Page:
- So they are going to set the Starter Homes Requirement at 20%, just 2% below that level, leaving a tiny cash-terms equivalent on the average development for all the social rented or shared ownership homes a council might want to see built
Of course, this doesn’t mean that there won’t be sites where it’s viable to build more affordable homes. But it also means that there will be a lot of sites where councils will only be able to deliver Starter Homes, and no other types of affordable housing.
2. The public subsidy will be locked in for longer – but not much longer
It has been a longstanding principle of affordable housing that the homes remain affordable forever – what gets called remaining affordable ‘in perpetuity’. This perpetuity requirement means that the public purse gets value for money and taxpayers don’t have to shell out every few years in order to retain a stock of affordable homes. Instead, the investment in subsidy gets properly locked in.
However, when they were first announced Starter Homes looked set to change this by only remaining discounted for a period of five years. Instead of the subsidy getting locked in forever, the up-front cost to the public purse to pay for the 20% discount would only apply for five years, after which the owner could sell the home on at full price – and pocket the difference.
After much nervousness from mortgage lenders about what this will do to the valuation of homes, as well as people worried about affordability, the housing minister suggested at the developer conference MIPIM that the discounted period might be pushed up from 5 to 10 or 15 years. In the technical consultation this has been scaled back to a proposed 8 years, and a taper for removal of the discount floated.
One major mortgage lender has already said that such a small increase in the discount period won’t allay their fears, and while it is an improvement to the original five year period so far value for money is concerned, it’s not a huge one.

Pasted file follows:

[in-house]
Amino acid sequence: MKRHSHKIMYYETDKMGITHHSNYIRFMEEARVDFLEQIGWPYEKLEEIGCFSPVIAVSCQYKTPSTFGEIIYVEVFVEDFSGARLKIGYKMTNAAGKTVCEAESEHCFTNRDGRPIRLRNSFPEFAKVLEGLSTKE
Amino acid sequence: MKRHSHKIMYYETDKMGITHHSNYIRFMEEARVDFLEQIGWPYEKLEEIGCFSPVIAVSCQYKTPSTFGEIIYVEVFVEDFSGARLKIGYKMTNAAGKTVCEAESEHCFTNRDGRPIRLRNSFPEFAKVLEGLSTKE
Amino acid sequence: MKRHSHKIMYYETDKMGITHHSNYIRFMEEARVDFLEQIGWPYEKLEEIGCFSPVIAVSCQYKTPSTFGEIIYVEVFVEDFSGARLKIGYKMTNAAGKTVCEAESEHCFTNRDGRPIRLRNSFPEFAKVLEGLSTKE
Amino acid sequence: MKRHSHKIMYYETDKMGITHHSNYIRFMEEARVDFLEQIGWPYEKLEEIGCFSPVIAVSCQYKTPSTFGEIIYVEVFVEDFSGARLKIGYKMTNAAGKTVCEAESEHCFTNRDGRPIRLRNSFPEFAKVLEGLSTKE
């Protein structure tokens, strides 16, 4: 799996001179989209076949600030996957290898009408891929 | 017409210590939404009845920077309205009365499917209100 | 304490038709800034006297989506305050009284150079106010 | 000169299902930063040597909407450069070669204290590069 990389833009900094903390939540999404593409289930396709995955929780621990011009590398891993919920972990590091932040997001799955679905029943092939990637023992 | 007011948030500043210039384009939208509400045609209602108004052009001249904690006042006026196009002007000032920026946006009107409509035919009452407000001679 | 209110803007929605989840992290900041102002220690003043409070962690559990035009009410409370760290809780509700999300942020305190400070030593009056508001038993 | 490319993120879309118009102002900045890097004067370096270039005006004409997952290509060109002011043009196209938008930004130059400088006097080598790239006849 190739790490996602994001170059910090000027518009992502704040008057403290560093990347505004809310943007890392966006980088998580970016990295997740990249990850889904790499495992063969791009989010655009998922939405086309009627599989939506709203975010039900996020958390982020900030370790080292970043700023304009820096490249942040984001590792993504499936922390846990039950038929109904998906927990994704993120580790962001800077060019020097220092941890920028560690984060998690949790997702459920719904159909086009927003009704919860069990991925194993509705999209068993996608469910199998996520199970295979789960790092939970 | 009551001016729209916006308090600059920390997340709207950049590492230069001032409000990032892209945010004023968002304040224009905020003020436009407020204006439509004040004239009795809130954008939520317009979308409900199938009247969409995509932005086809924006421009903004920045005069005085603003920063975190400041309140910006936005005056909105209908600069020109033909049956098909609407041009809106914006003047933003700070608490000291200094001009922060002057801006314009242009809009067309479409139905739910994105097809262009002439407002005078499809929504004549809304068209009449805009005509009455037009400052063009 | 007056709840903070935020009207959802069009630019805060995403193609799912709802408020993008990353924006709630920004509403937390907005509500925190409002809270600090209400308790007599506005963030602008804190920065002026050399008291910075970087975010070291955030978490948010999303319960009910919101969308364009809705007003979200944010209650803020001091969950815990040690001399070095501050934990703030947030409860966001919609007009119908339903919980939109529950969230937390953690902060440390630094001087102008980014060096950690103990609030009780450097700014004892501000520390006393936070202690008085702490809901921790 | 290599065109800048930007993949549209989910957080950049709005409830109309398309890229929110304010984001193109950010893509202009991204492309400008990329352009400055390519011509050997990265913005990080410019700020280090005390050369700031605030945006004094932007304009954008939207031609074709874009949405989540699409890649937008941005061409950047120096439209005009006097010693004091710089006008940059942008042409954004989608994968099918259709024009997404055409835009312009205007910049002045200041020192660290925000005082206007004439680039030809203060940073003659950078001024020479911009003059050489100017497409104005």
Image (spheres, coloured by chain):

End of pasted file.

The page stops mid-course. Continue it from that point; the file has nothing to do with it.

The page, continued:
3. Restriction on buy-to-let, but no talk of restricting eligibility based on income
There is some good news in the technical consultation on buy-to-let. It makes clear that there will be restrictions on letting out Starter Homes, so they can’t bought at a discount only to be rented out by the owner at market rents.
However, the broader question of whether the subsidy needed to build Starter Homes is going to be spent on people who actually need it isn’t addressed. At the moment, the only eligibility criteria for a Starter Home are being younger than 40 and a first time buyer. This means that young people on high incomes who don’t need help to buy, will still be able to access public subsidy.
In sum, concerned peers reading the new information on Starter Homes are likely to be left unsatisfied. Where the government has moved, peers might reasonably think they have not moved nearly far enough. And when they think through the implications of the Starter Homes Requirement, they are bound to fear for the future development of genuinely affordable homes at all.
 Taking the viability of the contributions into account, etc.